DECLARATION OF SENTIMENTS*/GüN
Workshop Leader: Prof. Arzu Ozkal
2nd Leader: Prof. Claudia Costa Pederson
Declaration of Sentiments*/Gün draws on the Turkish tradition of women’s social gatherings called “gün” (meaning day in Turkish). A gün is a ladies’ gathering for the purposes of conversation, activities and festivities accompanied by the serving of Turkish food. These meetings are informal hubs of social networks, where women come together to share concerns and skills, often generating a micro-economy that involves the collection of gold or money among the members.
During ISEA2011 we are bringing together a number of Turkey-based women to start the basis of a cultural-exchange initiative. Guests are selected based on their contributions to contemporary culture in Turkey in a number of fields ranging from journalism, visual arts, music, literature, new media, crafts, and design.
This gathering will be documented in a printed limited edition book. This book will provide the basis for an online platform which will bring Turkish women based in the United States and Europe to the conversation. With the event culminating in the publication of the printed book, we are hoping to springboard the traditions of Turkish women’s cultural production as a basis for extending the spirit of the Gün among networked women.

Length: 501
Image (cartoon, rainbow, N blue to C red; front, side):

* Declaration of Sentiments: In 1848 Elizabeth Cady Stanton and several other women invited the public to the First Women’s Rights Convention to discuss expanding the role of women in America, and signed the Declaration of Sentiments, advocating civil, social, political, and religious rights of women.
Bios of the Presenters
Claudia Costa Pederson works on histories about the relationship of media with artistic and social energies. She has produced radio and video works in collaboration with activists and women artists in the Netherlands and Germany and is currently concluding a doctorate at Cornell University on the work of artists using digital games for social critique.
Arzu Ozkal questions dogmas, traditions, laws, and patriarchal value systems through videos, public interventions and performances. She serves as a Visiting Assistant Professor of New Media at Oberlin College.
Posted by: Ebru Surek